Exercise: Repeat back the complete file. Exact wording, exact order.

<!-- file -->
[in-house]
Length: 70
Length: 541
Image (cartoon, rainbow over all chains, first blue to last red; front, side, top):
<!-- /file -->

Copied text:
[in-house]
Length: 70
Length: 541
Image (cartoon, rainbow over all chains, first blue to last red; front, side, top):